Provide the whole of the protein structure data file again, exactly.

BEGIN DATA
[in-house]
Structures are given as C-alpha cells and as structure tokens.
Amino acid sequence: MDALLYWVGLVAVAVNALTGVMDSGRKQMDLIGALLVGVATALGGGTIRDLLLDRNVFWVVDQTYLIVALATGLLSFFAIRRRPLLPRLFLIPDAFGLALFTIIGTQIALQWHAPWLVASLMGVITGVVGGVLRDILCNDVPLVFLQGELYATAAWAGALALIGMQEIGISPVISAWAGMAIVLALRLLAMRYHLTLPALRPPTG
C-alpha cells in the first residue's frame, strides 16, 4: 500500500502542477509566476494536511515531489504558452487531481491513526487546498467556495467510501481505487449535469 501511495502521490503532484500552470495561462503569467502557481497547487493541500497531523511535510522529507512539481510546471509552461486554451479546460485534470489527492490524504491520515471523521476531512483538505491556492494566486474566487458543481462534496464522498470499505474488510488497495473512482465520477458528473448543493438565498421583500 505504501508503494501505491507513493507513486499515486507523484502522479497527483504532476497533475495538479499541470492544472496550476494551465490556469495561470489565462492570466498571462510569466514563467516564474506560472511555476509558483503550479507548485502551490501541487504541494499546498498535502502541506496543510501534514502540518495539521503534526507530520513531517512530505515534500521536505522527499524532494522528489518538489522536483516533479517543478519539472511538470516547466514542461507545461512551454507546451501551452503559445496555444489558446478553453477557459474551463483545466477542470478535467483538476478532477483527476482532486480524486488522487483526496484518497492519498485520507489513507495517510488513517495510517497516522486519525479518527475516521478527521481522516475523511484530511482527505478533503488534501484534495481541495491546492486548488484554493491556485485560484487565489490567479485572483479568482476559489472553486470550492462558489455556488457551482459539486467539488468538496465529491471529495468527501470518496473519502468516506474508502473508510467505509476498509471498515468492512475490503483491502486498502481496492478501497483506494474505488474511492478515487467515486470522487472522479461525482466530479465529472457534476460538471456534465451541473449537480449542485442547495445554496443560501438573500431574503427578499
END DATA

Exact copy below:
[in-house]
Structures are given as C-alpha cells and as structure tokens.
Amino acid sequence: MDALLYWVGLVAVAVNALTGVMDSGRKQMDLIGALLVGVATALGGGTIRDLLLDRNVFWVVDQTYLIVALATGLLSFFAIRRRPLLPRLFLIPDAFGLALFTIIGTQIALQWHAPWLVASLMGVITGVVGGVLRDILCNDVPLVFLQGELYATAAWAGALALIGMQEIGISPVISAWAGMAIVLALRLLAMRYHLTLPALRPPTG
C-alpha cells in the first residue's frame, strides 16, 4: 500500500502542477509566476494536511515531489504558452487531481491513526487546498467556495467510501481505487449535469 501511495502521490503532484500552470495561462503569467502557481497547487493541500497531523511535510522529507512539481510546471509552461486554451479546460485534470489527492490524504491520515471523521476531512483538505491556492494566486474566487458543481462534496464522498470499505474488510488497495473512482465520477458528473448543493438565498421583500 505504501508503494501505491507513493507513486499515486507523484502522479497527483504532476497533475495538479499541470492544472496550476494551465490556469495561470489565462492570466498571462510569466514563467516564474506560472511555476509558483503550479507548485502551490501541487504541494499546498498535502502541506496543510501534514502540518495539521503534526507530520513531517512530505515534500521536505522527499524532494522528489518538489522536483516533479517543478519539472511538470516547466514542461507545461512551454507546451501551452503559445496555444489558446478553453477557459474551463483545466477542470478535467483538476478532477483527476482532486480524486488522487483526496484518497492519498485520507489513507495517510488513517495510517497516522486519525479518527475516521478527521481522516475523511484530511482527505478533503488534501484534495481541495491546492486548488484554493491556485485560484487565489490567479485572483479568482476559489472553486470550492462558489455556488457551482459539486467539488468538496465529491471529495468527501470518496473519502468516506474508502473508510467505509476498509471498515468492512475490503483491502486498502481496492478501497483506494474505488474511492478515487467515486470522487472522479461525482466530479465529472457534476460538471456534465451541473449537480449542485442547495445554496443560501438573500431574503427578499